A poster advertising one of Porecky's Magnus Trygg books in Bispsgården, Sweden. Photo: Robin Porecky

Porecky's love of nature is not only apparent in his books. His other passion is making knives, something he would also do at his beloved summer cottage in Jämtland:

“I made about 34 knives and every single one of them was utterly different. People who wanted a knife could come to me. In one case, they came and actually chose the tree, from which I would cut the wood from a year later.”

Benin Bronze is currently being considered from the Crime Writers Association International Gold Dagger Award, and it seems the author has decided to go out on a high note. After tying up the story of his Swedish inspector Trygg in the last part of the series, Porecky now has no plans for a further book.

“It’s sad really. But I brought it to an end and it gets harder when you get older. I was trying to bring out one a year and I achieved that over seven books. I think probably that'll be it.”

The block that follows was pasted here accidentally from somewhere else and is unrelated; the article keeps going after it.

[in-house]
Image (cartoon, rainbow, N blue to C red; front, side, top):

One of his few regrets is that the Trygg series is not better known in Sweden, he bemoans, but his love of Sweden continues regardless:

“I'm still spending some time in Sweden, with my family there and my wife wanting to go back, we are all across Sweden anyway,” he notes.

Looking back at his experience as an author, he encourages anyone considering writing to give it a try.

“What I would say is: always go for it, just do it! Don't panic, just get a pen, start writing and keep going! You probably have to throw it all away and start again, do that several times and lose a lot of it, but in the end, you will get there!”

And if all else fails, sitting in a lovely sommarstuga in Sweden helps when it comes to finding inspiration, he concludes.

Article written by The Local contributor Christian Krug.

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READER QUESTIONS